It’s like you’re going to bake a pie and you have three different options for crust, five different options for filling, four different options for the type of salt you’re going to use, three different options for how long it’s going to be in there, and you send them all to different people and they randomly pick one and you hope it’s going to be good. So, that happens a lot where you send it and they like I like that one, that one, that one, and that one. (In a comical voice) Then you say that comes together… kind of OK.

 

The nice thing about this game and a company like Xseed, and I say this with love and affection, is you’re all nerds. So you actually know who sounds good and you can say who you like. They already knew the sound they wanted and could kind of put that together. That’s a fun way to do it too.

 

What’s the weirdest scene you recorded for Akiba’s Trip: Undead & Undressed?

 

TJ: I think you might have just witnessed it! [Laughs] I’m feeling a little dirty.

 

Was this the strangest thing you had to voice over?

 

Cindy Robinson, Voice Actress of Nana in Akiba’s Trip: Undead & Undressed: No, I’ve done all kinds of bad things. I’ve been a baby making machine, that was interesting. Do you know Zero’s Last Reward? I’m Zero the 3rd and you know that bunny is all over the place. Zero is probably the weirdest off the wall character I’ve played.

 

Most of her scenes are not like that. That scene is literally that he’s just hugging her. The game plays a lot with player expectations. There’s a sister mini-game too where you basically get a lot of cut scenes with the sister depending on this weird board game setup thing.

 

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Is this the dirtiest game you’ve done?

 

TJ: [Laughs] That I’ll admit to. There’s some stuff in Hellsing that I’m not proud of. I’ve never seen anything like this before, I’ll admit. I worked briefly on Moon Phase and it kind of reminded me of that anime, but it’s a lot more fun and playful. The foreign tourists are a little weird. People are either going to love what we did or think we’re crazy.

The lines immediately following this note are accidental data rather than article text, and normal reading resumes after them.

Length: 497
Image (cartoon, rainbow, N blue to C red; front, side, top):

TL: For context there. The fake vampires in the game, are known as Synthisters. There are all manner of syntheses that are generic NPCs. Among them are foreign tourists from America and China. And we’ve done them to be satires of Japanese tourists.

 

TJ: That’s such a nice way to put it. [Laughs] That’s such a polite way to put it, thank you. We’re bad people and hopefully people will find it pretty funny. Especially our replacement for the American tourist is a little out there.

 

TL: yeah, we decided we couldn’t have an American tourist if the game is in English so we went with a foreign accent.

 

TJ: A couple different foreign accents. There may be a Glasgow Scot in there. There may be a Brit and two Chinese tourists. It  works, it’s very weird but it works and at the very least it’s extremely disturbing and I think people will appreciate that. It’s been a lot of fun to work on this game.

 

Cup of Tea Productions have worked with Xseed for a really long time since Wild ARMs 4.

 

Danni Hunt, Owner of Cup of Tea Productions: The good thing with Xseed is they know what they are doing so we don’t have to ask them for specifics and they know not to throw specifics at us. I think Wild ARMs was so long ago, it was our first one and we we’re been getting to know each other.

 

How does Akiba’s Trip compare to a game like Xenosaga?

 

DH: [Xenosaga] was enormous and it had a lot of in game movies. That almost makes the recording super long because you are recording to picture which is a slower process. This is chunky, that’s for sure. It might be the most characters we have, maybe. 

 

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Cup of Tea Productions did voice recording for Mega Man Legends 3. Did you work on that at all?

 

TJ: Oh God, I wish!

 

DH: That was us though. It was almost completed. It was voiced. I can confirm it was almost completed.